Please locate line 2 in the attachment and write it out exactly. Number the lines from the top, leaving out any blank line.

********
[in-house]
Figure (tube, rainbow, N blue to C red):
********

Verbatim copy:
Figure (tube, rainbow, N blue to C red):